3. Realizing that the industry is your job. It’s good to have great colleagues, but having friends, family, and loved ones outside of the profession is healthy and necessary.
  4. Discovering medical resources: community mental health centers, and low fee or reduced fee mental health.
  5. Awareness of drinking culture and avoiding substance-abuse in a conscious manner, such as being sober curious, letting colleagues know that you may not want to drink excessively. More risk for younger members of the industry.
  6. Embracing the unique aspects of the industry: teamwork, dealing with a wide range of clients, high-pressure shifts, variable hours and shifts, the ups and downs of being a tipped employee. Alcohol temporarily reduces anxiety. BUT: Alcohol in excess increases anxiety and depression long-term because of dopamine and serotonin receptor depletion.
  7. Buddhist perspective  – Unlearning desire. In Buddhism, this kind of desire is called Tanha, which literally means thirst. How to allow a desire without acting on it, is the premise of both Buddhism and positive psychology.  Question: What is the desire?  Answer: Blowing off steam, decreasing stress after work, Pattern/routine, Being with work family.
  8. Strategies for how to stop or reduce drinking:
    1. Meditation and mindfulness. 10 to 15 minutes a day of sitting with yourself and connecting with yourself with love and acceptance. Make this a daily practice in your schedule.
    2. Plan and prepare: every single morning think about situations that might crop up throughout the day were you would ordinarily drink. Make a note of them. Being prepared and knowing what you’re going to do in advance gives you control and confidence, you can even practice what you might say to someone who might be expecting you to drink or even put pressure on you.
    3. Visual imagery and rehearsal. Athletes, coaches, business people do this all the time. They imagine being successful in a specific situation or challenge, with extreme detail.
    4. Stay home if you have to. Keep a list of things to nurture and indulge yourself. With my clients, I call this the relaxation box. You pull it out, and it might have your favorite soft throat, candle, music, bath salts, journal, favorite book, and personal notes from loved ones, or, from you to you.
    5. Go easy on yourself. You’re learning a new skill, and it takes time and practice.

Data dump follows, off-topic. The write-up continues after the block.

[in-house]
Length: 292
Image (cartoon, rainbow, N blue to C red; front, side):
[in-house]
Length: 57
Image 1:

6. Focus on the gains. I always tell clients, add something to your life. Don’t think about or talk about deprivation. Success comes from adding positivity.
    7. Get some support. If you feel your friends, family, colleagues cannot provide that, get online and find a support group, community, forum, or referral to a therapist you feel comfortable and safe. Checking in regularly helps you stay accountable and feel not alone.
    8. Increased access to mental health services (my program for independent restaurant workers in DC, launching this summer). Changing our thoughts and feelings about drinking is what leads to sustainable change. Lack of info, stigma, and worries about being diagnosed with substance abuse keep many tipped workers without coverage. Embolden provides free screening, diagnosis, and recommendations/referrals, as well as low fee treatment where needed.
    9. Safety concerns: How will you get home after post shift drinking? In DC, Metro ends at 11 or 12. Uber is expensive. MANY drive home drunk. Employers can be held responsible (liability) if something bad happens.
    10. Mindful drinking: Planning all of your drinking 24 hours ahead of time. Having a friend as a sponsor.
    11. My approach as a therapist: you CANNOT take things away abruptly. You ADD things. Someone just asked at a DC restaurant and bar wellness panel; “I am stressed, drinking more after shifts; working six days a week. Cut back on one drink per week.
    12. Have a personal post work routine: Music, Candle or aromatherapy, podcasts, self-pleasure, take a bath, journal.